This particular collection is worth some RM$2,400 for mint and about a thousand more for used stamps. Up to yesterday, I had 10 of the 12 stamps. I could not find the 5c and $1 stamps. So when an entire set came up I had to purchase the entire set just to get the two missing stamps. I ended up paying about US$350 for the entire set. The difficulty is that this set was seen as a temporary replacement stamps for the ones which was issued in 1907. So only limited stamps were available. For instance the $1 stamp - only about 2,000 were printed. So trying to assemble the entire collection was very very hard.

Sultan Hashim handed over the general administration of the State to a British Resident on 2nd January 1906. Plans were made for a complete postal service, with the official inauguration of this service on the 11th October 1906. New stamps were ordered from the Crown Agents and, pending their arrival, surplus stocks of the Labuan Crown issue were overprinted and surcharged by the Government Printers in Singapore.

Saturday, December 1, 2007

NumisMaster Adds Paper Money Pricing

NumisMaster Adds Paper Money Pricing

Iola, WI (November 30, 2007) -- United States paper money listings have been added to the NumisMaster online pricing and information service powered by Krause Publications.

“All of the photographs and listings found in the Standard Catalog of United States Paper Money are now available online, with quick searches that take you right to what you’re looking for,” said George Cuhaj, paper money market specialist at Krause Publications. “The escalation of the currency market creates a need for current pricing and the most accurate information available.”

The up-to-date prices listed in the United States Paper Money Guide, available at, include: all non-coin monetary issues of the United States, including large-size, small-size, Fractional Currency, National Bank Notes, error notes, pre-Civil War Treasury notes, Silver and Gold Certificates, Military Payment Certificates, encased postage and postage stamp envelopes.

Current market values are listed in up to four grades of preservation.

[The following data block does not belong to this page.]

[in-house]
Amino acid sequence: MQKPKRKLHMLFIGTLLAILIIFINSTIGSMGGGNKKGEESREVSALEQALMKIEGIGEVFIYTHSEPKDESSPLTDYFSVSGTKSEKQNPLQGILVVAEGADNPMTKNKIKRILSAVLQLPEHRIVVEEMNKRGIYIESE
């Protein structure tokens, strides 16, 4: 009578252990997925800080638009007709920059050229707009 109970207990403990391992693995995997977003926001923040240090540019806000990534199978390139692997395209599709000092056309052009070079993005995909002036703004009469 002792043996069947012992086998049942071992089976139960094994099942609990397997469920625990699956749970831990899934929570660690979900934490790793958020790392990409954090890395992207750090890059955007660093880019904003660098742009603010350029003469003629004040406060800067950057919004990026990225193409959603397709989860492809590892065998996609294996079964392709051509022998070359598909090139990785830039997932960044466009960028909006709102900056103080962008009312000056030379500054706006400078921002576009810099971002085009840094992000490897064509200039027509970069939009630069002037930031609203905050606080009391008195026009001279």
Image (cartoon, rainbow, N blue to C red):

“The addition of paper money to NumisMaster is welcome,” said Numismatic News editor Dave Harper. “It is my experience that collectors are active in many fields simultaneously and having them all in one place makes NumisMaster the handiest reference source on the Web.”

In addition to the U.S. paper money price listings, NumisMaster offers more than 1 million price listings for U.S. and world coins. Other features include a show calendar, blogs, news, articles about collecting and expert advice.

For more information visit

About Krause Publications
Krause Publications, based in Iola, Wis., is the world’s largest publisher of leisure-time periodicals and books on collectibles, sewing and quilting, hunting, and fishing. Chet Krause, a long-time collector of coins, published the first issue of Numismatic News on Oct. 13, 1952, with nearly 1,000 readers. Today, Krause Publications, owned by F+W Publications, offers over 40 periodicals, 10 hobby shows, 750 reference and how-to books, and web properties such as, the online coin price database. F+W Publications, and ARBY Partners, LLC Company, also operates book clubs, conferences, trade shows, interactive media and education programs.

Lisa Bellavin
Associate Editor, NumisMaster
715-445-4612 ext. 279

Saturday, November 24, 2007

Brunei Joint ASEAN 2007

Finally! The Brunei issue of the Joint ASEAN 2007 was finally launched in Brunei Darussalam, a few months late. Brunei is the last country to issue the Joint ASEAN 2007 stamps. The other 8 did it, I think, last August. Myanmar was the 9th and Brunei is the last.

Nothing much to talk about. The stamps are the same as the other stamps issued by the other ASEAN countries which I have talked about in the past. The Brunei's stamps are printed by Security Printers of Malaysia using unwatermarked paper of 102gsm. The perforation is 14 per 2 cm. The stamps are all 20 cents denomination, so it will be used quite widely.